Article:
|Jackson is simply trying to give good advice to McCoy. (US Presswire)|
With the Eagles set to pay him $565,000 in 2011 during the final year of his rookie contract, receiver DeSean Jackson, a longtime advocate for a long-term contract, held out from training camp. But when it became clear the team was not going to reward him for not showing up, he ended his truancy and proceeded to have a decent (but not great) season.
Even though it led him to a franchise tag -- and then a long-term deal worth $48.5 million -- Jackson did himself no favors by holding out and then turning himself into one of the Eagles biggest villains (complete with ineffectiveness and charges that he wasn't trying his best).
That's why Jackson has taken it upon himself to give some advice to running back LeSean McCoy. Whatever you do, Jackson said, don't hold out from training camp.
"Looking back now it really hurt me more than I thought it helped me,” Jackson said, via the Philadelphia Inquirer. “Hopefully he saw everything I went through, and hopefully [agent] Drew [Rosenhaus] won't have him go through the same thing."
"Them feeling like me holding out was more of a statement and trying to prove something. I just hope he doesn't take it there with the team because the Eagles are a team you don't want to try force anything with them or strong-arm them, because you know Joe Banner, Howie Roseman, Coach [Andy] Reid, they're not the easiest people to force to get things with."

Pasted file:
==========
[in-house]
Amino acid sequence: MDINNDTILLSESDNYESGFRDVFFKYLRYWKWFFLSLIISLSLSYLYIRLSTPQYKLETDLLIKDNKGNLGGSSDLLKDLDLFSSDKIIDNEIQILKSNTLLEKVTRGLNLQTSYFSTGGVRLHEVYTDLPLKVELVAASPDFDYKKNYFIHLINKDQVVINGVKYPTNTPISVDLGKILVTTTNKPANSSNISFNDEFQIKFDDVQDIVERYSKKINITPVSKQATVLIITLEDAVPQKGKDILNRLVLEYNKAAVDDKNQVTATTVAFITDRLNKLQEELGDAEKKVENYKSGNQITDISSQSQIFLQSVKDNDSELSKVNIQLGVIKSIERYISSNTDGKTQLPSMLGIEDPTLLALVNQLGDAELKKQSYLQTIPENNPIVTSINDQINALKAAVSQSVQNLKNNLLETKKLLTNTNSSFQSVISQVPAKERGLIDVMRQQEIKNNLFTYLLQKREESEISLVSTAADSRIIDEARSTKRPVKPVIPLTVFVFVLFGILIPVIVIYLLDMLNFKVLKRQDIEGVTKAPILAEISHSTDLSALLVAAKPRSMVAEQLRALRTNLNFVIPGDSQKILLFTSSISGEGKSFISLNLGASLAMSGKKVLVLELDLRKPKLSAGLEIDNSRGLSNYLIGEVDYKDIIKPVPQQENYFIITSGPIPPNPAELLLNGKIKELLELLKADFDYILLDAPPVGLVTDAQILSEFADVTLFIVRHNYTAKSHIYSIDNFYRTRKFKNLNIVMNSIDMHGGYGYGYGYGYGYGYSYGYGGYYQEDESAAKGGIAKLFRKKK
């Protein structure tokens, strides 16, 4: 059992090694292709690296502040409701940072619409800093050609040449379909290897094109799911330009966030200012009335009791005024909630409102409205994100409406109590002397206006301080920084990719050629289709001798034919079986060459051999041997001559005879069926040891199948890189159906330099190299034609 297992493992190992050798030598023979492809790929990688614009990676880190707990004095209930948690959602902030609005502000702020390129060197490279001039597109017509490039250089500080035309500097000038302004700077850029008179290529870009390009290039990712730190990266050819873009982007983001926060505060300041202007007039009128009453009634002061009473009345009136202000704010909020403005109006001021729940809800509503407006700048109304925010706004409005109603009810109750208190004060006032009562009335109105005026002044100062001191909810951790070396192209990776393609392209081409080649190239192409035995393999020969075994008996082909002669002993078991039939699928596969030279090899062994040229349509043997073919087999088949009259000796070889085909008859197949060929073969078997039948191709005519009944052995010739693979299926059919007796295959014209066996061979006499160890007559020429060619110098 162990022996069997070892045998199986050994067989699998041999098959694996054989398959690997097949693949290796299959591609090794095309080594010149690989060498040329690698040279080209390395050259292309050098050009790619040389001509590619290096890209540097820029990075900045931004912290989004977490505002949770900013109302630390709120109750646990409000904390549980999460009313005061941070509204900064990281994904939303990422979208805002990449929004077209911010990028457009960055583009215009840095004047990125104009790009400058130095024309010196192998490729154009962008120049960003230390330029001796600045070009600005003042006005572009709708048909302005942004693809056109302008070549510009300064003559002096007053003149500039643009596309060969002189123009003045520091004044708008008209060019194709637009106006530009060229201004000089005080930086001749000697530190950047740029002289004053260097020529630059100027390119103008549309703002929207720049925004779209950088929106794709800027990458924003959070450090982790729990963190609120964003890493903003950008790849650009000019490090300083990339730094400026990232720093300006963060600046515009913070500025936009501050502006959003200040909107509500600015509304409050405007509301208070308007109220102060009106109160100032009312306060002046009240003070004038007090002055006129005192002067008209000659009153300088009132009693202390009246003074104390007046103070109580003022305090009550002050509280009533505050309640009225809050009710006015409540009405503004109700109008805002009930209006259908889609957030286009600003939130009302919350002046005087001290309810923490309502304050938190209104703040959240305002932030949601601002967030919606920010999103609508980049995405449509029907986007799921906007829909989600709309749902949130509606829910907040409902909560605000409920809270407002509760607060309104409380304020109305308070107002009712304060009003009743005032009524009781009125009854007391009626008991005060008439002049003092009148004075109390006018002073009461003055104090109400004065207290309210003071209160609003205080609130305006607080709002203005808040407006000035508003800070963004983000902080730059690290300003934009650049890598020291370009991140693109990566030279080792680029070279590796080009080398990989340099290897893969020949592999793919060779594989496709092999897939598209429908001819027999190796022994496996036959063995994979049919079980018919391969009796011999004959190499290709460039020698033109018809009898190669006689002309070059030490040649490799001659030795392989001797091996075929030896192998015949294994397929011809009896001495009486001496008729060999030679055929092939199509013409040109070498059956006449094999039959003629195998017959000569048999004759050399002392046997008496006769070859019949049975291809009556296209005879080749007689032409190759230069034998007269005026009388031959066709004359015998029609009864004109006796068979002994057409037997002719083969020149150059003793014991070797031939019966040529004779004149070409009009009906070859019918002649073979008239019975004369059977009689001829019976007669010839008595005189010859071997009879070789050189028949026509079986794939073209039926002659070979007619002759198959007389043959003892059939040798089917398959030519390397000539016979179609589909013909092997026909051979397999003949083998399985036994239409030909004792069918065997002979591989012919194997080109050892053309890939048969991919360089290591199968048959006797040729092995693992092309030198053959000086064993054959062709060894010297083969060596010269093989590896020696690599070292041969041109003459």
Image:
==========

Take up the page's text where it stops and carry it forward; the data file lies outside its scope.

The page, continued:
As upset as Jackson, also represented by Rosenhaus, became before last season, it doesn't appear that McCoy and the team are on bad terms as they work toward a long-term deal. McCoy attended the beginning of offseason workouts last month, and though he's set to make $615,000 in 2012, there is a sense of optimism surrounding the two sides.
If Jackson, before his contract, was a pouter, McCoy is prone to smiles.
"Everybody is different, all guys are different," Reid said in March. "You guys deal with [McCoy] and you know he comes to work every day with a smile on his face. He's excited to play the game.
"We like LeSean and we think he's good for our organization, both on the field and off of it. And so, we'll work something out there as we go. But listen, these things take a little bit of time. That's how it works. But it'll work out."
Jackson, though, knows it won't necessarily be that easy for McCoy to continue to grin if he's not rewarded at some point.
"It's really hard," Jackson said. "He's just going to have to go through it. Hopefully he can manage and not . . . let it distract him like how it kind of distracted me."
Yes, because in the end, Jackson got fortunate that his poor late-season attitude didn't kill his chances at a long-term deal -- with the Eagles or with anybody else. He knows McCoy, if he gives a similar performance, might not be so lucky.
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